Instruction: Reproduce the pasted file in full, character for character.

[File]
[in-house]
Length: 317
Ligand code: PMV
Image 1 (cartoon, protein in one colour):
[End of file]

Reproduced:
[in-house]
Length: 317
Ligand code: PMV
Image 1 (cartoon, protein in one colour):